When the Top Dog award is handed out, we don’t just look at the front of the grid, and there was no better example of that than Monaco;
“Not the most conventional choice being as he finished in 13th, but Heikki Kovalainen put in a blinding shift yesterday. The Caterham driver spent the entire race keeping Jenson Button’s McLaren in his rearview mirrors which, despite the tough-to-pass nature of Monte Carlo, is no mean feat.”
Canada – Lewis Hamilton
The Brit finally joined the winner’s circle after 7 bites at the cherry in Canada;
“In the past, we’d have seen him unsettled to the point of distraction by the slightly sticky right rear tyre during his second pit stop, or by the fact that his two competitors for the race victory didn’t stop as his team assured him they would. This time, we saw a man who went out there and got the job done.”
Europe – Fernando Alonso
On home soil, the Spaniard drove a magnificent race to win from 11th on the grid, bringing a lot of joy to all of his supporters;
“Yes, he’d never have won the race without Sebastian Vettel’s sudden and catastrophic car failure but, when presented with the chance, he seized it with both hands. Once he got ahead he never looked like losing and, in the end, that’s all that matters. It’s looking ominously good for the Spanish double world champion; getting race victories without having the fastest car is a good groove to be in.”
Germany – Kamui Kobayashi
“This being Kobayashi, he still found time to throw his car up the inside of other drivers and generally be quite racy. We’d love to see him at a top team, but he probably wouldn’t fulfil their criteria for a sensible driver to rack up points for the constructors’ championship.”
Oh KK, we do hope you get a drive in 2013.
Hungary – Kimi Raikkonen
“He also had the opportunity to demonstrate the utter ruthlessness that makes him such a good driver, given that he was involved in one of, if not the only, moments of real tension at the sharp end. Emerging from the pits for the last time, he came very close to colliding with his team mate Romain Grosjean, running him wide as he did so. It’s that kind of single-minded determination that makes him such a valuable commodity in F1 and such a pleasure to watch drive.”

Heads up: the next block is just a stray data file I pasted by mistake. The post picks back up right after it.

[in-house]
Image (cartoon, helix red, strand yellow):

With Romain’s reputation by the end of the season, it was an absolute miracle they didn’t touch, quite frankly.
Italy – Sergio Perez (again)
“It also helps that Sergio Perez is an excellent driver. In fact, it seems a shame that, as has been suggested, his most likely destination is to be second driver at Ferrari. It would be a real waste of a very promising talent to have to kowtow to Alonso’s title challenges. He deserves better.”
And he got it, signing for McLaren on the same day Lewis Hamilton moved to Mercedes. Shame the good performances dried up afterwards.
Singapore – Paul Di Resta
“It’s really only Paul di Resta’s fourth place that caught our attention, snaring himself not only his best ever finish in F1, but making him the Singapore Grand Prix’s Top Dog to boot. Even then there wasn’t a great deal of excitement about his race, just slow and steady progress. It shows what having a consistently quick car will do for a driver.”